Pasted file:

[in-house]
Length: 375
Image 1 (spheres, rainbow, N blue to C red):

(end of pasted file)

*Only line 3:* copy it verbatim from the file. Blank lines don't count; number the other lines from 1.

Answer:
Image 1 (spheres, rainbow, N blue to C red):